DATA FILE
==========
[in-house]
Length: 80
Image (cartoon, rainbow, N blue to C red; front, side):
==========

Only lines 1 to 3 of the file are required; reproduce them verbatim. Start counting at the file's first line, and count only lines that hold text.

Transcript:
[in-house]
Length: 80
Image (cartoon, rainbow, N blue to C red; front, side):